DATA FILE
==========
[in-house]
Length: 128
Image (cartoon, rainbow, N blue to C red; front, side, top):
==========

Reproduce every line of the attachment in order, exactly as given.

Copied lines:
[in-house]
Length: 128
Image (cartoon, rainbow, N blue to C red; front, side, top):